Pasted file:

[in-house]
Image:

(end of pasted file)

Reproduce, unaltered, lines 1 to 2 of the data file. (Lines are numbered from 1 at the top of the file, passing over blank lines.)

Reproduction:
[in-house]
Image: